John O'Brien, the franchising director, warned train operators that some needed to "dramatically improve" their punctuality and reliability figures, which were "unsatisfactory" and had declined since last year. "Passengers have a right to expect performance to improve year-on-year. Instead, punctuality generally, although still better than in 1995/96, has slipped back from the improvements achieved during 1996/97 ... I now urge the industry to ... bring about sustained improvement ... across the whole network."
The worst performers on punctuality were Virgin's West Coast services in Scotland, where 69.5 per cent of services were on time, although the company's much-criticised English operations improved.
Also singled out for running too many late trains were Great Western and Thames. Some of the blame was laid at the door of Railtrack, which instituted speed restrictions while repairing track.
A Great Western spokeswoman said: "There have been exceptional problems which have contributed to a worsening of our performance, including an unusually high number of speed restrictions - 40 - imposed by Railtrack."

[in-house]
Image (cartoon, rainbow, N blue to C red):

Keith Bill, of the Save Our Railways campaign, said many parts of the country were reaching a crisis. "If Tony Blair and John Prescott do not step in with some tough radical measures which will turn this right around, it won't be long before passengers vent their fury on New Labour and not the last administration." John Prescott, the Deputy Prime Minister, who is in charge of transport, said it was unacceptable that in many cases the performance of train operators still continued to be worse than last year.Reuse content